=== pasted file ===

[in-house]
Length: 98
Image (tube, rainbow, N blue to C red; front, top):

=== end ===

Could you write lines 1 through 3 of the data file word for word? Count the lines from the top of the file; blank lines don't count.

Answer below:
[in-house]
Length: 98
Image (tube, rainbow, N blue to C red; front, top):